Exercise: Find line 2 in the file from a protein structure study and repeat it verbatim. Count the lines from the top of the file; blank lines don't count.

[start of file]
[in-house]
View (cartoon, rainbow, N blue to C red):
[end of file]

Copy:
View (cartoon, rainbow, N blue to C red):